Appellant, as a tenant, was clearly a person to whom the HOC owed a duty of reasonable care in the hiring of a housing inspector. Equally clear is the existence of evidence from which the jury could have found a breach of that duty. Notwithstanding the sensitive nature of the position to be filled, the HOC accepted an incomplete application for employment, made inquiry of the applicant only as to work experience, and failed to undertake even the most rudimentary investigation either to verify the sparse information furnished or to otherwise gather independent information concerning the fitness of the employee.

If, as appears likely, the HOC undertook no investigation of Slater because of a belief that the OHR had done so, it had no right to make that assumption. The contract between the HOC and Montgomery County required only that the OHR screen applicants for confirmation of county residency and CETA eligibility, and the HOC had no reasonable basis to assume that more would be done. Additionally, as the HOC conceded at trial, its duty to exercise reasonable care in the selection of a housing inspector was not delegable. Athas v. Hill, 300 Md. 133, 148-49, 476 A.2d 710 (1984); Wood v. Abell, 268 Md. 214, 238-39, 300 A.2d 665 (1973); Jarka Co. v. Gancl, 149 Md. 425, 431, 131 A. 754 (1926).

Although the trial judge properly instructed the jurors that the duty was non-delegable, he also allowed them to consider whether the HOC's "acceptance of the information that they had of how [employees] were hired from CETA was reasonable under the circumstances." For the guidance of the trial court on remand, we point out that the reasonableness of the HOC's reliance upon OHR or CETA officials to make an investigation was not properly before the jury. There was a breach of duty by the HOC if the inquiry was inadequate under the circumstances, and whether the HOC "reasonably" relied on someone else to conduct the inquiry is of no importance.

To establish a cause of action in negligence, a plaintiff must prove the existence of a duty owed by a defendant to him (or to a class of which he is a part), a breach of that duty, a legally cognizable causal relationship between the breach of duty and the harm suffered, and damages. Scott v. Watson, 278 Md. 160, 165, 359 A.2d 548 (1976); Peroti v. Williams, 258 Md. 663, 669, 267 A.2d 114 (1970). One who breaches a duty owed to another is said to be negligent, but that negligence is actionable only if it is a proximate cause of damage. In this case there was legally sufficient evidence to prove three of the four elements of the cause of action — duty, breach, and damage, and those three concepts are rather easily understood. Somewhat more complicated in the context of this case is the concept of proximate cause — the legally cognizable nexus between the breach of duty and the damage suffered. This is so because the plaintiff must prove two links in the causal chain to establish the ultimate connection in this case.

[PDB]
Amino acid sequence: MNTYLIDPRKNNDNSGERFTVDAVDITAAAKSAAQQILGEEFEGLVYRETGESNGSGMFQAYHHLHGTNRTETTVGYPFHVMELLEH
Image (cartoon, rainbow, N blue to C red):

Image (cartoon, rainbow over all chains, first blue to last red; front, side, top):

First, she must prove that the failure of HOC to undertake a reasonable inquiry resulted in the hiring of Slater. If, for example, a reasonable inquiry would probably not have produced any information that would have persuaded a reasonable employer to refuse employment for the position sought, the failure to conduct an inquiry, though negligent, would not be a proximate cause of the harm. Kendall v. Gore Properties, 236 F.2d 673 (D.C. Cir. 1956); Ponticas v. K.M.S. Investments, 331 N.W.2d 907, 912-13 (Minn. 1983); Stevens v. Lankard, 31 A.D.2d 602, 297 N.Y.S.2d 686 (1968), aff'd, 25 N.Y.2d 640, 306 N.Y.S.2d 257, 254 N.E.2d 339 (1969); Stone v. Hurst Lumber Co., 15 Utah 2d 49, 386 P.2d 910 (1963).

Second, if a negligent hiring is shown, the plaintiff still must prove that the hiring was a proximate cause of the injury. Scott v. Watson, supra, 278 Md. at 171, 359 A.2d 548; Peterson v. Underwood, 258 Md. 9, 16-17, 264 A.2d 851 (1970). Again, by way of example, if Slater had been negligently hired but had assaulted a tenant of the HOC previously unknown to him, in a nearby shopping center and during off-duty hours, there would be no causal relationship between the hiring and the assault.

In attempting to prove the first link in this chain of causation, Appellant properly sought to prove the probable consequences of a reasonable inquiry. She produced the three individuals listed by Slater on his employment application as persons "who can comment on your education and/or work experience." Each testified to the absence of any contact by the HOC, and further testified to a lack of any knowledge of Slater's educational background or work experience. Appellant proved that one of the previous employers named on the application, but not contacted, had knowledge of Slater's imprisonment. She offered evidence that the only other previous employer listed by Slater probably could not have been located because of the failure to include a proper address or any telephone number on the application.